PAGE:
Constellations review: ‘well-imagined’

By Tania Chakraborti 

Lion Theatre Company’s adaptation of Nick Payne’s ‘Constellations’ was theoretically well-imagined, but in reality, was still missing that ‘special something’.

The premise of the play is an exciting one. As director wrote in her Director’s Note, the play ‘perfectly captures the ‘what if’ of relationships, merging love with multiverse theory’. It did ultimately succeed in conveying the actualities of intimate relationships, due to the varied nature of the creatively reworked scenes between the lovers Marianne (Annie Davison) and Rachel (Izzy Mitchell).

Let me start by highlighting the obvious achievements of the production. A play that requires repeated dialogue to convey alternative realities, has the potential to be exceedingly boring. Constellations was far from this; it did not fail to keep the audience absorbed throughout. This is undoubtedly due to the strength of acting showcased, as the play featured some lovely tender moments and brilliantly executed comedic lines.

In a play with just two actors, it is tempting to suggest that one was more engaging than the other; for me, this actress was undoubtedly Davison. Her ability to make the audience both laugh consistently and to sympathise with her in those most harrowing moments, proved her to be a skilled and highly versatile actress. Of course, Mitchell gave a fantastic performance and her manipulation of dialogue to suit her desired characterisations was equally as exemplary as her partner’s.

However, first night nerves may have prevented Mitchell from embracing the stage as confidently as Davison did, particularly during the first interpretive dance which was somewhat out of time. Regardless, I am confident that the performance of both actors will hopefully be faultless by final night.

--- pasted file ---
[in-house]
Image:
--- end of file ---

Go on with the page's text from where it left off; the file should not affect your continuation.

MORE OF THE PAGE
Director should be commended for her use of a black box, in-the-round setting. It allowed for a brilliantly close analysis of human experience. The scene transitions were impressive, achieved slickly by the actors simply switching positions on stage. Her casting decision of two women (as opposed to a man and woman as in Payne’s original) was the right one; the chemistry between her two actors was evident, whilst the relationship dynamic reflected modern society as it is. Technical Director Alok Kumar did a fantastic job with lighting and projection; tech changes were professionally smooth and appropriately atmospheric.

So what was that ‘special something’ that was missing? Personally, there was a predictability in the way scenes were staged. Arguably this should not really be the case with a play that deals with the theme of endless possibility. The music and sound choices were at times, well-executed but at others, missed the mark. This led to some confusing scene switches. It is a shame that the mirrors, which were beautifully and symmetrically placed upstage, were not used to as great effect in the first half of the play, as they were in the latter scenes.

There was also still tape left on the stage, presumably from rehearsal, and the piece of paper used for Mitchell’s speech had no visible writing on it. These are obviously minor criticisms, but with few props in a confined black box setting (where everything is visible to the intimate audience), attention to detail is so vital.

Despite this, do not be deterred from heading down to The Assembly Rooms Theatre this week. A great deal of effort has clearly been made to transport the audience into a world of possibility and human truth. The audience laughed in all the right places and were genuinely hooked in scenes of emotional trauma. Price has thus done an admirable job in staging something very new on the Durham scene (manipulating the multiverse is no mean feat). If you want something unique – and admittedly, very specific – from your evening, by all means, don’t let me stop you buying a ticket.

‘Constellations’ will be performed at the Assembly Rooms Theatre from Thursday, 2nd February until Saturday, 4th February at 19.30. Book your tickets here. 

Photograph: Lion Theatre Company 

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